by Vicki Larson
About once a week or so, a coworker and I walk the loop near our office at lunch hour. We chat about the usual things — our kids, our partners, what we’re reading — as we make our way past the wild turkeys and deer, and munching on sun-kissed blackberries when they’re in season. But sometimes we talk about work.
As many conversations go about work, it’s not always pretty.
In a world that considers gossip as entertainment — maybe even news — our observations on the personalities and quirks of our bosses and co-workers, and company shenanigans are rather tame. Nothing is ever TMZ- or Perez Hilton-worthy, but we can dish with the best of them.
Is that wrong?
Some recent studies coming out of Indiana University — which may be having a little gossip issue of its own — suggest it might be.
For two years, sociologists from the university followed the conversations of a Midwest middle school’s teachers after there was a change in administrators. Not surprisingly, there was a lot more negativity going on than “Kumbaya” singing.
Earlier studies of middle-schoolers themselves at a different Midwestern school found similar results; dishing often promotes dissing.
None of us wants to be known as the office busybody, always poking his or her nose in other people’s business and blabbing about it. At the same time, how many of us walk away from a juicy tidbit? Exactly, and even fewer of us are able to keep that tidbit to ourselves. Wasn’t it Ben Franklin who said, “Three may keep a secret if two of them are dead”?
Yet, gossip has served us well since prehistoric times, when it helped ensure survival of the fittest. It’s hard-wired in us, although one could say the way we gossip nowadays is a far cry from the caveman days when it was used to find scare resources, like a mate or food — unless they had their version of Lindsay Lohan back then. But as Timothy Hallett, one of the Indiana University researchers, says, getting hung up on whether gossip is good or bad is meaningless because people have always gossiped and always will. “A lot depends on perspective," he says.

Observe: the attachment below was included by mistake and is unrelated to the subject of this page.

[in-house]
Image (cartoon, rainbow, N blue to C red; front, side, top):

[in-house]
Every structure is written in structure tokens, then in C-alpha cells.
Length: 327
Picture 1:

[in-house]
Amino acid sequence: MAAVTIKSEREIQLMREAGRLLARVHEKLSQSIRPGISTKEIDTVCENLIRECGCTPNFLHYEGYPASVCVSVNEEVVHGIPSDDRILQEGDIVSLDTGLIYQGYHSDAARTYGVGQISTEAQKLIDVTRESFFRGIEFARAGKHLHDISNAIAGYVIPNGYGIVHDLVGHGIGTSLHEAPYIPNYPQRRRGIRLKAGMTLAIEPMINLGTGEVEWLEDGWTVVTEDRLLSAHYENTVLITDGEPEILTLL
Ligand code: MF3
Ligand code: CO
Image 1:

Well, doh! It can be a bonding thing or a way to deal with our work frustrations and fears, especially when so many companies have been downsizing — that pretty much describes the kind of gossip my coworker and I share. Or it could make you feel like an outsider or worse if you’re the target of the gossip.
Which, many years ago, I was. It was ugly.
I was in my early 20s, relatively new in my book-publishing career, in the midst of a divorce, and one of the company executives had a somewhat obvious crush on me — at least obvious enough for my two immediate supervisors, both women, to notice.
They began asking me inappropriate questions under the guise of “gal talk,” and dropping teasing comments although nothing was happening between the executive and me. Suddenly, my personal life — real and (mostly) imagined — became fodder for their whispered conversations and wink-wink smiles. Because I was too young and inexperienced to know how to deal with it — harassment wasn’t even in my vocabulary — I did the only thing that made sense to me; I tried to distance myself from them as much as possible.
It worked I guess, but it also must have frustrated them because they then started complaining about how I handled my work — I was too “nice” to my clients, even though I was the top performer in the department.
All of which made me feel miserable, not just emotionally but physically. More often than not, I started my day with a headache or a stomachache or both.
Eventually, I quit. And — surprise — the headaches and stomachaches went away. And because that executive really was kind of cute, he and I began dating. Fortunately, he had left the company, too, months before I did. As a plus, he was someone with whom I could share — or is that gossip? — details about those bosses and “get” it.
So, you’d think having gone through an experience like that, I would never gossip about anyone ever again. Well, it’s pretty obvious that on those walks with my coworker — or at a girls’ night out with my friends — I haven’t quite taken that to heart.
But there’s mean-spirited gossip, like my former bosses’, and there’s camaraderie gossip; I would never feel comfortable saying something that would hurt a person or that I couldn’t say to his or her face.
Gossip is a social skill, and we all do it to a certain extent. It’s just that some can do it better than others.
So, of course, it was through industry gossip that I heard, years after I left that book publisher, that my two former bosses had been moved from the Upper East Side New York City office to warehouses somewhere in the Midwest — in the publishing world, the equivalent of being banished to Siberia.
I don’t enjoy seeing others in pain, but I took a certain pleasure in hearing that juicy tidbit and passing it on.
Just don’t say that you heard it from me.